That's why I added the "[state]" editor's note, since the sentence as quoted is essentially taken out of it's context, and as such, doesn't accurately reflect what the Court is saying. Hope that helps. -- Foofighter20x (talk) 14:10, 23 August 2010 (UTC)

Text moved here from the Birthright citizenship section[edit]

I've moved the following here from the Birthright citizenship section of the article:

Under these two rulings, the following persons born in the United States are not "subject to the jurisdiction" of the United States, and thus do not qualify for automatic citizenship under the Fourteenth Amendment:

  • Children born to foreign diplomats
  • Children born to enemy forces in hostile occupation of the United States
  • Children born to foreigners who do not have a permanent domicile and residence (i.e. legal residence) in the United States and are not carrying on business in the United States (as per United States v. Wong Kim Ark)

All other persons born in the United States were citizens.

This seems to be making an unsupported editorial assertion similar to the following WRT at least some of these categories of persons -- particularly the final category:

Document A says that Cocker Spaniels and Labradors are dogs.

Therefore, according to Document A, Terriers are not dogs.

Wtmitchell (talk) (earlier Boracay Bill) 00:06, 9 January 2011 (UTC)

Loss of citizenship[edit]

I'm clarifying that restrictions on the ability of the US government to strip anyone of citizenship apply only to citizenship based on the 14th Amendment, and not jure sanguinis citizenship for children of Americans born abroad, which is established only by statute.Gmalcolms (talk) 03:59, 15 February 2011 (UTC)


This section is grossly misleading. It says expatriation must be accompanied by an intent to relinquish "American Citizenship", while the cited case for footnote (26) deals with "US citizenship" of Afroyim. This is misleading in that the Citizenship being renunciated is "US citizenship" which is categorically NOT "American citizenship". ALL "US citizens" hold dual citizenship. They are "citizens of the United States", a democracy (Article I section 8 Clause 17, United States Attorney Manual 664, USC Title 18 section 7 (3)) as well as being "American Citizens". (See Blacks Law dictionary 5th/6th Add. "Dual Citizenship")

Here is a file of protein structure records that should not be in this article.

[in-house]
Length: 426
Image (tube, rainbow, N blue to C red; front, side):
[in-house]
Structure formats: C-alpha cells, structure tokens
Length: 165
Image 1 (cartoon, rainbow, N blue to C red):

The matter is quite clear when you actually read the "act" passed July 27, 1868. 3 weeks to the day after the 14th was "supposedly" ratified. It is the saving clause and was intended to allow freed slaves become American Citizens and free themselves of "federal subject" status. The "act" is contained in 15 Statute at large 249. Peace 98.206.222.240 (talk) 02:42, 30 April 2011 (UTC)

Senatorial debate on the Citizenship Clause[edit]

I have removed the inclusion of Sen. Cowan from Pennsylvania among those who supported Sen. Howard's amendment since there is no evidence from the records of the debate preserved in the Congressional Globe that he did so. In fact, his statements seem to indicate the opposite, namely, he opposed the amendment because he was opposed to granting citizenship, solely because they were born in the United States, to the children of, for example, Chinese and Gypsies. Based on his voting, one can also see that Sen. Cowan preferred Doolittle's alternative proposal, of preserving the language of the Civil Rights Act of 1866, to that of the amendment proposed by Sen. Howard.Gmalcolms (talk) 05:06, 15 February 2011 (UTC)